“Financial adviser Liz Koh said she did not think there should be more flexibility around withdrawals. Life always has ups and downs, and people need to learn to be prepared for the times in life when things don’t go so well. When times are good, savings should be built up as a buffer for when things change for the worse, as inevitably they do.” Click here to read more

Koh makes a good point, with important implications for wider financial planning, and also for insurance planning: an emergency fund is probably the foundation for all financial planning. The immediate buffer between the unfortunate realities of chance and misfortune in the real world and your own quality of life. Many people are finding this buffer to be inadequate. It also highlights an issue with KiwiSaver that reduces flexibility - Kiwi savers cannot expect to treat the fund as if the money is their own. In addition to an emergency fund, to provide any comfort above that necessary for 'minimum living costs' as seen through the eyes of a KiwiSaver trustee, then savers will require substantial additional resources and ideally, a good insurance plan. 

In other news:

The Digital Actuary Virtual Summit

FMA: FMA not backing an investment style despite report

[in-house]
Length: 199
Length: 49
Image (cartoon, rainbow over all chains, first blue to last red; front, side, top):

Kōura looking to improve its digital advice platform - the struggle is conversion

Rupert Carlyon, Kōura founder has said since going live, they have given advice to 3,000 people through the company’s digital advice platform. They are looking to roll out new messaging to improve user experience and understanding of their products. Click here to read more

The internet is a great platform for data-rich financial services. Since its earliest days financial services (led by sharetrading) have been a leader in e-commerce. But there is a catch. It has always been difficult to convert a lot of interest into action. We can easily deliver data, calculators, and content - and still struggle to achieve connection, engagement, and action. This is the overarching problem with digital. It is worth working on, but it is hard. 

I was told to stop talking about insurance...